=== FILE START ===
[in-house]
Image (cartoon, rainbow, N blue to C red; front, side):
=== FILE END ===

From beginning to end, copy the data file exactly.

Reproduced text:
[in-house]
Image (cartoon, rainbow, N blue to C red; front, side):